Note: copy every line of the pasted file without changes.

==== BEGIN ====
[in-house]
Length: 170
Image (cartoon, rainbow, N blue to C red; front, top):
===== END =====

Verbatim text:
[in-house]
Length: 170
Image (cartoon, rainbow, N blue to C red; front, top):